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It’s really unfortunate that our high schools and colleges spend so much time and effort educating our children about math, English and science, but don’t give them any tools to navigate the real world. Oh sure, you can take “life skills” or something similar in high school, but that’s not a “college prep” class, and it doesn’t really do what I’m talking about, anyway.
What our young people need to learn is how to manage their money, how to pay off any debt they have accumulated, how to invest for their future. Many come from backgrounds where their parents don’t have these skills, and so they don’t even know what they are missing.
In 2012, financial expert Jeff Rose discovered this for himself, when making a presentation to a group of soon-to-be-graduating college seniors. They barely knew what an IRA was, had never heard of a Roth IRA, and had no idea just how important this one concept could be for them.
Rose has started what he calls a “movement,” in which he wants to ensure that all young people know what a Roth IRA is and how it can help them. His goal is to “give young people the knowledge, the motivation, and the urgency of why they need to not only know about the Roth IRA but to also learn the benefits of investing now.”
Most people know something about IRAs, or what are called Traditional IRAs. You set aside money for your retirement, up to a particular annual limit, and you can deduct this amount from your taxable income when you file your taxes. Then you let it grow until you retire, and you can’t access it before you reach a certain age or you get hit with huge penalties. And eventually the government makes you take RMDs (Required Minimum Withdrawals) because they want to get the tax revenue that you deferred earlier in your working career.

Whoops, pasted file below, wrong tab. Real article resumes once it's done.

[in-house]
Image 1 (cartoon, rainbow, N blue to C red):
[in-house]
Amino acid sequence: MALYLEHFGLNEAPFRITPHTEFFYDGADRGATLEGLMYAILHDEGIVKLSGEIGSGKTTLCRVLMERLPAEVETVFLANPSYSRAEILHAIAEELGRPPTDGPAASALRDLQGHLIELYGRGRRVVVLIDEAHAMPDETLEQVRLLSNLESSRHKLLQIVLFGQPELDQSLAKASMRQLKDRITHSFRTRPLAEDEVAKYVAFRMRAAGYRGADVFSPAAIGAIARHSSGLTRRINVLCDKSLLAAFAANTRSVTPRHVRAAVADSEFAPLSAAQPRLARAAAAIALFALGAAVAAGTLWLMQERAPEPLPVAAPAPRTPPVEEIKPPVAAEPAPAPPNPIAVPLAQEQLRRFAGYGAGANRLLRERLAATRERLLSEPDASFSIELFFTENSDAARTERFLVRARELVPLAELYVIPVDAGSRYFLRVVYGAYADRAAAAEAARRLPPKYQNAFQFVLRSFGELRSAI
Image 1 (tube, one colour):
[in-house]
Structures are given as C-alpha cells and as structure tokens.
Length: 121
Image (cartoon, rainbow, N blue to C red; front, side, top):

A Roth IRA is also a retirement savings account, but because of its nature, it can be used for so much more. First of all, you don’t get a tax break when you put money into a Roth, so you don’t need to report it on your taxes. Therefore, instead of taking a few hundred dollars in tax deductions now, you will forgo that for the much better tax break that comes later.
Here’s the twist: When you withdraw the gains in retirement, every penny can be withdrawn tax-free. Absolutely, positively, no taxes. So if you put in $5000 every year while you are in your twenties, and that money grows to millions of dollars by the time you retire, you will owe zero tax on that gain.
It’s hard to believe that our government actually gives us such a generous gift. And it’s hard to understand why more people don’t know about it and take advantage of it.
You can actually withdraw your contributions at any time. Not so the earnings, but the contributions. So if you have an account with $10,000 in contributions and $2000 in earnings, you can actually withdraw the $10,000 at any time, with no problem. In this way, a Roth IRA can be a great way to save for a mid-term goal, like a downpayment on a house, while also generating a retirement portfolio at the same time.
You also don’t have to make any mandatory withdrawals on that money, either. Unlike with a regular IRA or 401(k), where the IRS has not yet received its due, you’ve already paid your taxes on your Roth contributions, and the government has no further claim to the money. You don’t even have to tell the IRS what it’s worth.
And because of no mandatory withdrawals, you don’t have to draw it down at all, if you don’t want to. If you don’t need to spend it, you can leave it all to your heirs. And they may not owe any taxes on it, either, when they withdraw it. (There are some complicated rules for heirs, but I wont go into that here.)
So the biggest advantage come the earlier you can get started, and the more frequently you can invest (up to the $5000 per year limit – the government is generous, but not stupid!)
This is the best gift the government has ever devised for investors. It’s better than the 15% tax rate on capital gains and dividends. It’s better than investing your pre-tax money in a traditional IRA. In fact, the only thing that is better is the company match on your 401(k) contributions.
So the smartest way to invest for retirement is to first, max out your company match if you are offered a 401(k). Secondly, put any additional savings into a Roth IRA. And thirdly, if you have even more money that you want to save, put it into a traditional IRA.
Imagine, having a huge nest egg when you retire, on which you won’t have to pay a single penny in income taxes. If that isn’t motivation, I don’t know what is.